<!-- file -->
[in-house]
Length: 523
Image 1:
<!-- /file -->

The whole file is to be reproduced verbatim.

[in-house]
Length: 523
Image 1: